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NORTHERN CALIFORNIA PREMIERE
More than a food documentary, The End of Meat dares to ask the question, “What would the world look like if we didn’t eat meat?” The answer, of course, is an incredibly complex one touching upon climate change, human health, animal welfare, global biodiversity and more. And with 18 percent of greenhouse gas emissions coming from farming, and nearly half of the globe’s land dedicated to it, director Mark Pierschel’s question is more than philosophical, it’s practical, and, many would argue, downright urgent. Sociologists, philosophers, activists, vegan revolutionaries and scientists building better meat weigh in on the future, but also the past and present, including the relationship between meat and masculinity and the dissonance created when steaks and heifers are simply called hamburgers.
On the way, we get to know the people and animals behind the movements, from online sensation Esther the Wonder Pig to groundbreaking scientists creating meat in petri dishes and lovers of seaweed that tastes like bacon. But perhaps most appealing, The End of Meat steers (no pun intended) clear of a preachy hard line approach to animal products and instead considers a future not only for vegans and vegetarians, but also for flexitarians—those of us who would like to continue an omnivorous lifestyle, but reduce our meat consumption. —Alexis Whitham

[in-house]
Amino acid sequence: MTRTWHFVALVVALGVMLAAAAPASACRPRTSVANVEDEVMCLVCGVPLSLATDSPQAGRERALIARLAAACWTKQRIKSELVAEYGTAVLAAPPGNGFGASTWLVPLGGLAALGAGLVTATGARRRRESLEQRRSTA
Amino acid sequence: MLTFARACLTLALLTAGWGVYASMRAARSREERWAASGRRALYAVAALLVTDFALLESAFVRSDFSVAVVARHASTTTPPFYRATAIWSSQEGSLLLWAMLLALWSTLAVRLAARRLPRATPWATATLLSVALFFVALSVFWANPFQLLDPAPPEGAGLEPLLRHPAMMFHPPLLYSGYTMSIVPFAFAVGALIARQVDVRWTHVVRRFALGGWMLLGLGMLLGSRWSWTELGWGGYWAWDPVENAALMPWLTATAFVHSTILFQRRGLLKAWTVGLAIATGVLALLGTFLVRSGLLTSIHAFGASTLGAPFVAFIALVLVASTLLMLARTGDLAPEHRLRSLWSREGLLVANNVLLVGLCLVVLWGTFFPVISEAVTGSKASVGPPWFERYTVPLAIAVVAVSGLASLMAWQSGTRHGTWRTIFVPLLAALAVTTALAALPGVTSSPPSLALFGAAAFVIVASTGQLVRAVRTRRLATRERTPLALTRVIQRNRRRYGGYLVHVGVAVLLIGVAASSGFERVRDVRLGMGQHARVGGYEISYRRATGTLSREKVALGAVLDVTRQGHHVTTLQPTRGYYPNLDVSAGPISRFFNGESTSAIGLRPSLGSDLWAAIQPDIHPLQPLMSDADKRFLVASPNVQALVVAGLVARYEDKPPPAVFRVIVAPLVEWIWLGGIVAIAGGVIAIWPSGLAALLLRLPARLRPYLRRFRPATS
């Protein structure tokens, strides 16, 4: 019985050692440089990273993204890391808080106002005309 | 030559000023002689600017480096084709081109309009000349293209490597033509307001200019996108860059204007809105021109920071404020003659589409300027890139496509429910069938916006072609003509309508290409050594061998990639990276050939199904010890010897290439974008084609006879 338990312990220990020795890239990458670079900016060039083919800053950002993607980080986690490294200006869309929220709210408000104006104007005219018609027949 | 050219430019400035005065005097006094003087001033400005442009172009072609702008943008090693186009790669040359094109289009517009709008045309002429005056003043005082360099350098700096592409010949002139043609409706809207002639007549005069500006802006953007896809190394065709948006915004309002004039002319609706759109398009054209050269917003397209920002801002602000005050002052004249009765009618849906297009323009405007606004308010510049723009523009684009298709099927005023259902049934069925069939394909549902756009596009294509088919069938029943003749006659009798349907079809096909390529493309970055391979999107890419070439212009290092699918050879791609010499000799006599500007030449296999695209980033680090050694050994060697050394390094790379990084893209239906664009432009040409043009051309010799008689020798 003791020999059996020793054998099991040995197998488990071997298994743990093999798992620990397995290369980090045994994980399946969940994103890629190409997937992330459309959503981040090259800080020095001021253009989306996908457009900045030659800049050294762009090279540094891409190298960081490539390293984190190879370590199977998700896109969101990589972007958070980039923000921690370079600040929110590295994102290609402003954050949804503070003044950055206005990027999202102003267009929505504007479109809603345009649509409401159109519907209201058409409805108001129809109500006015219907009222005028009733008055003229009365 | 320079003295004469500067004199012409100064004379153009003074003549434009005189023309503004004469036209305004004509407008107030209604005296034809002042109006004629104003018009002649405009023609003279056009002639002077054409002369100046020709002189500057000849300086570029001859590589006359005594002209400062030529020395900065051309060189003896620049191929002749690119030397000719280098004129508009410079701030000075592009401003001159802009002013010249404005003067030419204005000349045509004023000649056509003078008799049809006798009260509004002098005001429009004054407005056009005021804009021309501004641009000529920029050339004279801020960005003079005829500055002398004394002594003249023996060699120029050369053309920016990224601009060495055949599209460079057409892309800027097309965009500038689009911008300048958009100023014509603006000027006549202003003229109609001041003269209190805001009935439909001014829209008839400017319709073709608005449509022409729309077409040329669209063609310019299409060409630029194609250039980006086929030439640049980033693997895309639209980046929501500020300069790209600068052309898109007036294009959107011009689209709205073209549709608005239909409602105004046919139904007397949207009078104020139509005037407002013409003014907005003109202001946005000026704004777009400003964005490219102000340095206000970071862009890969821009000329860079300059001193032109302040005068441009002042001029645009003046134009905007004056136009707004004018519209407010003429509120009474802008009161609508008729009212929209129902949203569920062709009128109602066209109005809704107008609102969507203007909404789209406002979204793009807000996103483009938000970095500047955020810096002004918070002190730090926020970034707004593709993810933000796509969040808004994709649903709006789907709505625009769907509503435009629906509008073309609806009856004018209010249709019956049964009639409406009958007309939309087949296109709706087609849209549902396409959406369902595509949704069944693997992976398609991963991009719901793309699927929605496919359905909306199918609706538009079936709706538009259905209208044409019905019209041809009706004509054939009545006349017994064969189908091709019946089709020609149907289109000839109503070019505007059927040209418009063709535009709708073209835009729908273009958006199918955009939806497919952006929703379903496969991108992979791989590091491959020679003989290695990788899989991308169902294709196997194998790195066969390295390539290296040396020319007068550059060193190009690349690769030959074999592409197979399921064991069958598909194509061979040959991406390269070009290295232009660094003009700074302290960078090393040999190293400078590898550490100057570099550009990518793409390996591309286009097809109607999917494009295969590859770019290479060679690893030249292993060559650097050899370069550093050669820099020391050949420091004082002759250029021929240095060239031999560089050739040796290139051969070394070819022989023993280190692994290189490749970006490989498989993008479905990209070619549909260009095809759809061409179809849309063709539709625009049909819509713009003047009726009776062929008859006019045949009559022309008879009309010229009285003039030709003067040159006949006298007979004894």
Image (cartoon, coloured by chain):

Marc Pierschel was born in 1978 in Hildesheim, Germany. After studying sociology and cultural studies, he filmed EDGE - perspectives on drug free culture, a documentary about the US American youth subculture of Straight Edge. In 2013, Live and Let Live followed - a documentary about the human-animal relationship and the history of the vegan movement. In the summer of 2015, Marc Pierschel accompanied the Berlin activist group 'Hard To Port' on a two-week campaign against commercial whaling in Iceland. The resulting documentation 184 gives an insight into the work of the activists, who are trying to document the brutal whale hunt off the coasts of Iceland. In his new film The End of Meat, Pierschel raises the question of a meatless world.